But I believe there is one other reason why people think their work is important which he spends less time considering in his book. The teleological argument dates back to Aristotle and has been used for centuries as a way of explaining our place in the world as both a species and individuals as well as underpinning the perpetual religious belief in the idea that because we so closely fit the world in which we live, we have been put here for a purpose. It’s all for us. The flawed thinking behind this compelling idea was best illustrated by the writer Douglas Adams in a series of speeches which include the following passage:
“Imagine a puddle waking up one morning and thinking, ‘This is an interesting world I find myself in — an interesting hole I find myself in — fits me rather neatly, doesn’t it? In fact it fits me staggeringly well, may have been made to have me in it!’ This is such a powerful idea that as the sun rises in the sky and the air heats up and as, gradually, the puddle gets smaller and smaller, it’s still frantically hanging on to the notion that everything’s going to be alright, because this world was meant to have him in it, was built to have him in it; so the moment he disappears catches him rather by surprise. I think this may be something we need to be on the watch out for.”
This kind of circular, flawed reasoning is also apparent in the way we think about work. We assume because we fit our jobs so well and because we spend so much time and energy on them then that means they are both meaningful and important and so worth the investment of even more time and effort.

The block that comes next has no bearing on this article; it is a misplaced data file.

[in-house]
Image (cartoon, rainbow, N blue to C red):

This mindset also explains why so many professions feel they are not given the respect and credit they deserve for the important job they do. Read any profession’s media and it won’t be long before you come across somebody telling you about their frustration that the world doesn’t take their profession more seriously and doesn’t understand just how important it is. You can try this with architecture, design, facilities management, HR, technology, marketing and other domains. It’s always the same story.
Because these ways of thinking are hardwired, it can be difficult for us to take an objective stance on the matter. Until we can accept that the hole will exist after we’ve evaporated, then we will continue to behave the way we do. That does not mean there should be no meaning in what we do. In fact Russell himself claims that “all serious success in work depends upon some genuine interest in the material with which the work is concerned”. But in an age in which the coronavirus and automation and all the rest mean we will soon have to arrive at a new philosophy of life and work, we need to keep things real and decide what really matters.
Image by Pexels
Mark is the publisher of Workplace Insight, IN magazine, Works magazine and is the European Director of Work&Place journal. He has worked in the office design and management sector for over thirty years as a journalist, marketing professional, editor and consultant.